How HID Enables In-Hospital Infant Security
Is Infant Abduction From the Hospital a Real Concern?
Having a baby abducted from the hospital, or accidentally swapped at birth, would be a tragedy for any parent and a disaster for the healthcare facility that allowed this to occur. This is why hospitals have strict infant security protocols.
According to figures from the National Center for Missing & Exploited Children (NCMEC), in the US alone, 140 babies were stolen from healthcare facilities between 1964 and August 2022.
Thanks to the pioneering work of John Rabun, NCMEC’s founding COO, infant security has vastly improved and abduction from hospitals is now exceedingly rare.
How Have Hospital Infant Security Systems Improved in the Past 50 Years?
During his 28-year tenure at NCMEC, John Rabun provided on-site hospital assessment, consultation, training and abductor profiling to 70,000 medical and law enforcement professionals. He also wrote the book, For Healthcare Professionals: Guidelines on Prevention of and Response to Infant Abductions.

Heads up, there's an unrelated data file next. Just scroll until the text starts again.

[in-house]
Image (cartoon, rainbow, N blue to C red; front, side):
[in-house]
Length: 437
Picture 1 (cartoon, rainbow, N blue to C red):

Thanks to Rabun, hospitals have introduced a range of infant security protocols, including:
- Using electronic access controls to prevent unauthorized visitors from entering maternity and neonatal units
- Provisioning anti-theft tags that alert staff if a baby is taken from an neonatal unit
- Installing CCTV surveillance of entrances and exits to neonatal units
- Requiring pediatric nurses to wear name tags and to clearly identify themselves to babies’ parents and guardians
- Requesting photographic identification from parents or guardians before discharging babies to their care
- Requiring all babies to be transported in bassinets within hospitals
- Implementing electronic access controls to secure all external doors
How Can Infant Security Be Enhanced With RFID?
Today, the best hospitals ensure that babies are safeguarded by using active RFID technology that pairs them to their mothers to prevent separation and provides electronic monitoring via transmitters worn by the baby, coupled with sensors installed at each exit.
In the event that an infant’s anti-theft alarm is triggered, hospital staff are trained to immediately follow hospital Code Pink procedures to prevent the abductor from absconding with a newborn. These procedures include:
- Alerting security personnel with a clear description of the infant’s age and last location and a physical description of the suspected abductor
- Checking all patient rooms, hallways and staff areas
- Implementing access controls to secure all external doors
- Preventing anyone from leaving the facility until the Code Pink has been cleared
- Once the baby has been safely recovered, conducting a thorough review of processes and procedures to improve infant security and prevent a recurrence at that healthcare facility
Can Babies Get Mixed Up While in the Hospital?